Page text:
Let’s play “Two Truths and a Lie.” I’ll tell you three things about myself, and you have to guess which two are true, and which one is the lie:
- I am related to an Oscar-winning actor.
- I know an Oscar-winning screenwriter.
- I am related to one of Charlie Chaplin’s wives.
All three have an element of truth to them, but the “lie” is Number Two. Steve Tesich, who wrote Breaking Away, was a family friend, but I’ve never met him personally. The Oscar-winning actor I’m related to is Van Heflin (which also makes me related to his nephew, Jonathan Kaplan, the director of The Accused), and it is Chaplin’s ex-wife, Paulette Goddard, who I’m also related to. Goddard went on to marry Erich Maria Remarque, who wrote one of my favorite books, All Quiet on the Western Front.
I’m not related closely enough to any of these people to make any money off it, but, hey, at least I get to impress anyone who’s actually heard of them.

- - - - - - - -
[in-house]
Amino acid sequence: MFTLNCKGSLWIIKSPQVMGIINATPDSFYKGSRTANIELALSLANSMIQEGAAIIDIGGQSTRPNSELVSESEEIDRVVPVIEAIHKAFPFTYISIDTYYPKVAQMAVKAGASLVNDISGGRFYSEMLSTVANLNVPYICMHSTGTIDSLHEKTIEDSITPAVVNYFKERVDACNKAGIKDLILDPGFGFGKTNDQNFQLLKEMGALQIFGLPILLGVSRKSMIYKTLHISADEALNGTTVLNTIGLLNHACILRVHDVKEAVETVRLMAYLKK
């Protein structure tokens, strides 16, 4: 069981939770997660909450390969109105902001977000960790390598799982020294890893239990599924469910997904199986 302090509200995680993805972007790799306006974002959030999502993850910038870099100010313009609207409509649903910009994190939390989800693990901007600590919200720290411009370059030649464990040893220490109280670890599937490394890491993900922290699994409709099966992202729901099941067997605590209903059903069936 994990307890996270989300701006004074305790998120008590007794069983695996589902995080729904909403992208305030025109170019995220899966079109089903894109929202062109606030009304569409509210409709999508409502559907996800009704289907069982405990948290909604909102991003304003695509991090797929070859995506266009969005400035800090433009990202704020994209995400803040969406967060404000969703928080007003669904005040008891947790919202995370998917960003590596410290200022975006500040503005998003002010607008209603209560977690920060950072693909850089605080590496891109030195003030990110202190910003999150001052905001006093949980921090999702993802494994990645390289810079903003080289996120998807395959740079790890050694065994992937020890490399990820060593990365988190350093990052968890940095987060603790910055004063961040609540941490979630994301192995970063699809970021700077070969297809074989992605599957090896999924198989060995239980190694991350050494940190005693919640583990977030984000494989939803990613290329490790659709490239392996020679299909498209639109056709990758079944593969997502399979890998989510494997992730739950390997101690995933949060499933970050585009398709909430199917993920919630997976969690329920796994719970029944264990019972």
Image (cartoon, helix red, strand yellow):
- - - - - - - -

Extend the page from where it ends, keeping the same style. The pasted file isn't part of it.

My name is Hunter Goddard. I was born and raised in Denver, Colorado, and I’m in my senior year of studying journalism and film studies at Colorado State University. My passion for film is matched by my lifelong passion for writing. I share a birthday with Lauren Bacall, and I shall now attempt to introduce myself as though I were a character from Le fabuleux destin d’Amélie Poulain:
I like Italian food, Italian people (Lady Gaga specifically), and run-on sentences.
I dislike people who give serious answers to rhetorical questions, road trips, and that try-hard Christopher Nolan space opera, Interstellar.
The movies I do like are a random bunch. My absolute all-time favorite is Vertigo, but I also enjoy repeat viewings of Titanic (I know, I know, I’m not proud of it), Kill Bill, The Exorcist, and many, many more.
It goes to show that filmmaking done right is a powerful experience, no matter what the films themselves are actually about.
The whole is greater than the sum of its parts, and all those shots and all those actors and all those lines and all that hard work is worth so much more than the price of admission.
Filmmakers are in the business of making people happy, and in a world where happiness is under attack at all times, moviemaking is more than just a distraction.
It is a public service.